Nashua, New Hampshire

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Nashua's motto is, "Shop Until You Drop"

Nashua is the second largest city in New Hampshire, but that is tantamount to being the second-biggest flea on a very small dog. Its population is around 90,000, including all the French Canadians you couldn't want. It is called "The Gate City" because calling it "The Clap City" would be ambiguous.

Nashua was first settled as the town of Dunstable by British colonists. Its modern name comes from an Indian chief, who Nashed his teeth at the boorishness of the colonists. National junk-mail databases aptly refer to the city as Nausha.

edit The mills

For the religious among us who choose to believe lies, the so-called experts at Wikipedia have an article very remotely related to Nashua, New Hampshire.

Though it is more lucrative for a town to have one too many lawyers than one too many prostitutes, Nashua always chose the latter. Mills sprang up on the Nashua River and employed many "mill girls" who did not work in the mills. The mills opened up job opportunities for the Quebecois who had not gotten homesick for even harsher winters. Many stayed in Nashua and became mill girls who actually worked in mills. In 1853, historic Dunstable was finally incorporated as Nashua after multiple rapid-fire name changes, including "Poultry-rama" and "Pick-A-Chick."[1]

Eventually, electricity surpassed Nashua's plentiful water power, the mills declined, and the Quebecois moved to a part of town called French Hill, to become the ancestors of the modern city's white trash. But soon, the concept of a shopping Mecca that was close to, but not taxable by, Massachusetts became compelling, and Nashua's modern era began.

edit The malls

Main article: Massholes

Today Nashua, like Salem, is the Massachusetts of New Hampshire, thanks to the ever-present Massholes who come north to shop.

Nashua signage 1

Signage proposed in 2014 for the Coexistence Trail will advise Nashuans of tips by which to experience a "friendlier city" — ¿eh, amigo?

The Pheasant Lane Mall on the south Nashua strip, named by a focus group after absolutely nothing, is Nashua's biggest mall ever. Previous biggest-ever malls, such as the Nashua Mall to the north, lie underused, with overcoat factory outlets and year-'round Christmas tree stores that no one ever went to. (There are people who don't mind being ten years out of fashion, but no one drives out of his way for a chance to do so.) Pheasant Lane Mall has been in decline since the Massholes started returning to the rival Burlington Mall in Burlington, Massachusetts. Mall management toyed with the idea of banning the schoolgirls in their hot pants who loiter after school until closing and never buy anything, but saw extinction staring it in the face.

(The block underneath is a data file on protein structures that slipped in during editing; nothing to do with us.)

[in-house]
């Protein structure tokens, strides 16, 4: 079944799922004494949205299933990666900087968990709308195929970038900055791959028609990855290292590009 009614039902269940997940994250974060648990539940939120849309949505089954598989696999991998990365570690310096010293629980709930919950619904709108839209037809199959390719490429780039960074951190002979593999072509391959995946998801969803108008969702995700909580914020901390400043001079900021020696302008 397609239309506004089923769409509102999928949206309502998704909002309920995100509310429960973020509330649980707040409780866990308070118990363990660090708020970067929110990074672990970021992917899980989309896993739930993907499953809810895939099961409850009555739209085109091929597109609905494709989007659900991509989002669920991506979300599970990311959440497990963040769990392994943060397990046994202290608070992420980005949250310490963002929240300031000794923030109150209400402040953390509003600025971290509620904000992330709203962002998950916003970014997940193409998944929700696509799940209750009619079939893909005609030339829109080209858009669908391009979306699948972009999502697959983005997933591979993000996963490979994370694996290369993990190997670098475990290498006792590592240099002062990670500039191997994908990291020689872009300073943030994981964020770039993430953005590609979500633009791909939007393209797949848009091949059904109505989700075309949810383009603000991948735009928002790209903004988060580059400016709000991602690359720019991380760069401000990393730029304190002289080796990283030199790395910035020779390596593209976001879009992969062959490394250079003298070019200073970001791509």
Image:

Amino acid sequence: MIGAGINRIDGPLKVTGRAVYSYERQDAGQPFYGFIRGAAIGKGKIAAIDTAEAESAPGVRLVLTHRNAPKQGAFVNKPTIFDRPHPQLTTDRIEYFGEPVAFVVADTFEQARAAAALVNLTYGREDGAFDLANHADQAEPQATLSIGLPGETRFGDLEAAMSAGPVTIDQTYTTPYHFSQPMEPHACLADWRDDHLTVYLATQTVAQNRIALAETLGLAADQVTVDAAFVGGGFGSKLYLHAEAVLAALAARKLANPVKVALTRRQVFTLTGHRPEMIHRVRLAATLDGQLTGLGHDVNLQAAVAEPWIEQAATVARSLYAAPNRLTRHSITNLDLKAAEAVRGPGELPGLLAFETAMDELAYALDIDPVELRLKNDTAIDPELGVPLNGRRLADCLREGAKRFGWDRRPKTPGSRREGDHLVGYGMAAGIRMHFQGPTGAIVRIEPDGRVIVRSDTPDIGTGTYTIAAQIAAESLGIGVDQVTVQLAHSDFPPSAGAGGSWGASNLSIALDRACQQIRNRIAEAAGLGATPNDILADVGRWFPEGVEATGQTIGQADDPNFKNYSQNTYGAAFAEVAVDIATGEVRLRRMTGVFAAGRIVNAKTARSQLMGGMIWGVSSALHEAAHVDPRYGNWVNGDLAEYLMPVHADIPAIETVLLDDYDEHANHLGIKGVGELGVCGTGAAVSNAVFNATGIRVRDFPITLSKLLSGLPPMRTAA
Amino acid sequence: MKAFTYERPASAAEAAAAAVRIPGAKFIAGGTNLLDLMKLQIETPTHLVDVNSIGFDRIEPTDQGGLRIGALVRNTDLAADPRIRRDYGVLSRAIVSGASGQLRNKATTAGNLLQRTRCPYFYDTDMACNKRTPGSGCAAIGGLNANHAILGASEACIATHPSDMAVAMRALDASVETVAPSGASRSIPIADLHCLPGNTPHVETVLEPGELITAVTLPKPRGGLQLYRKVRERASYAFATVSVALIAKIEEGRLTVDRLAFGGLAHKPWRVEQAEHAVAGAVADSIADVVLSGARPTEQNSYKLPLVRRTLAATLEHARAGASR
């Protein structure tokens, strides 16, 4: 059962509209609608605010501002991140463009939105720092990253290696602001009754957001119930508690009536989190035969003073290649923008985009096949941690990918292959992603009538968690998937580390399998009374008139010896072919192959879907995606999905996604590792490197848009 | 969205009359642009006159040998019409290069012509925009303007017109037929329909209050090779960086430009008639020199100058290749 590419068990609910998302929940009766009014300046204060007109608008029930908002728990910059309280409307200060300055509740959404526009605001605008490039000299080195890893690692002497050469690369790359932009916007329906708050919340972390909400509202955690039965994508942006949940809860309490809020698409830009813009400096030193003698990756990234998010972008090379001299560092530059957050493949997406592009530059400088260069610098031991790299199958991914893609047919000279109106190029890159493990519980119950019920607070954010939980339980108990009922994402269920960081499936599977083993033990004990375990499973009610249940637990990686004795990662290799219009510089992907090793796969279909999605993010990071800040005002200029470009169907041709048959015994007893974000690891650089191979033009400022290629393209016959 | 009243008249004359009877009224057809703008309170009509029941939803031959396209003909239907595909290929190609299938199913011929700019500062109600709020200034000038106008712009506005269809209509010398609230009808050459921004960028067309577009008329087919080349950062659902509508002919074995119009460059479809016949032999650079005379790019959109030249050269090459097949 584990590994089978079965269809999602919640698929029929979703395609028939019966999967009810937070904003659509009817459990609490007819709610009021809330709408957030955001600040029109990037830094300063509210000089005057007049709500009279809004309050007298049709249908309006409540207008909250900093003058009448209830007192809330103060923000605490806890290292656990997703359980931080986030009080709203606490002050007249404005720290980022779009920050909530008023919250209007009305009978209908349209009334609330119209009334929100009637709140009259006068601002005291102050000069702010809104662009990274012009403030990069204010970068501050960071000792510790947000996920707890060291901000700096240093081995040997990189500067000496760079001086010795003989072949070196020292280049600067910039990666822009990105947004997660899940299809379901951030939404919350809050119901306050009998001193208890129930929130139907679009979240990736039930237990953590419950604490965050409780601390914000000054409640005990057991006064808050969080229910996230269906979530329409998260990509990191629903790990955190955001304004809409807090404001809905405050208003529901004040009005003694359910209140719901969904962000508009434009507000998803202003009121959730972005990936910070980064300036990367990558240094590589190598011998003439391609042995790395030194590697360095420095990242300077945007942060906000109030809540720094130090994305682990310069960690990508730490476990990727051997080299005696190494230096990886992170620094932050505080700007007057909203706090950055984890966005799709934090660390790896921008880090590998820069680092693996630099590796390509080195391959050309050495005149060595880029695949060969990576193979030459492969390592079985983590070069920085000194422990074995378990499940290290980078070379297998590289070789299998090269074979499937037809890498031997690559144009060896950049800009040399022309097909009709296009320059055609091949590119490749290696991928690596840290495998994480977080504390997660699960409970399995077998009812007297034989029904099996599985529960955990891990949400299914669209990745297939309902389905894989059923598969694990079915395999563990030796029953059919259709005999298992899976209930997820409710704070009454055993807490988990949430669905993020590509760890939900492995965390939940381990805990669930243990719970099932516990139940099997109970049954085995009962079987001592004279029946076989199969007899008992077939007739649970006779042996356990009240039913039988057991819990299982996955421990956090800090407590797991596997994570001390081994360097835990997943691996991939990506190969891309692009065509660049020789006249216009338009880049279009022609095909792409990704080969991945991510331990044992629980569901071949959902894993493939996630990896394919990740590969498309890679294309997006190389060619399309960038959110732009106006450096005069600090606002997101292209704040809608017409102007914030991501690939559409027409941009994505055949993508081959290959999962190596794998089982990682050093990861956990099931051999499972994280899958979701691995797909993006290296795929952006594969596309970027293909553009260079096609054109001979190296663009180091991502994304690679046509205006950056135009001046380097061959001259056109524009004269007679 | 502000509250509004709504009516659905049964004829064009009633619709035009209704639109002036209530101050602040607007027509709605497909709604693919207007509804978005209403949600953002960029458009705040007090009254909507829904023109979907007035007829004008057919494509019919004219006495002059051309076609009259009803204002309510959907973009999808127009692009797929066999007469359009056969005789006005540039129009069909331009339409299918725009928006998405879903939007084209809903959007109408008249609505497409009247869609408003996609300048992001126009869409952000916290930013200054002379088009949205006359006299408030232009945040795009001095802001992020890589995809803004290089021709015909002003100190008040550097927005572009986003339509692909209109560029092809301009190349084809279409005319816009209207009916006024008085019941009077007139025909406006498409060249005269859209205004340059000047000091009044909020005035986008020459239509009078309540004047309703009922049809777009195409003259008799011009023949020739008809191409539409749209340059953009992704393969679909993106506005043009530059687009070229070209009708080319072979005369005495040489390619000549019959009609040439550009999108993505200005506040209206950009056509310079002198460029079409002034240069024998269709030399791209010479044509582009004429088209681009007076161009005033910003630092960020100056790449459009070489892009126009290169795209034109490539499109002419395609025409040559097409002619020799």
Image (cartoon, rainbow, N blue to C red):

The mall can be seen above. Despite the brick façade, it doesn't look like a historic woolen mill; it looks like a mall. Most of the parking is in Massachusetts, where there is a 6.25% sales tax; all of the stores are in New Hampshire, where there isn't. The nubile young shoppers who returned to Burlington obviously aren't there to purchase. But the sales tax doesn't apply to services.

edit Government

Nashua signage 2

Feeding the ducks is family fun, provided a drunk state rep on the Environmental Protection committee doesn't plow through them on his way to the police chief's house to spend the night and sober up.

Signs on US-3 at the city limits brag that Nashua was considered "The Best City to Live In" in 1987 and 1997. Now it's about 80th place, unless you like government spy cameras on tall poles.

edit Key decision-makers

The previous mayor was Bernie Streeter, notorious for crashing a city staff car in Manchester on a private errand (Didn't know it was a one-way street), and for his version of "giving back," using a city dumpster to dispose of leaves from his home.

Former alderman David McLaughlin was popular, though not so popular that any of his colleagues inquired about his long absence from City Council. He was in a Massachusetts jail, serving time for felony drunk driving. His third offense would not have been a felony in New Hampshire, where drunk driving is an Olympic demonstration sport, so he was not barred from seeking re-election--except, happily, by his own shame.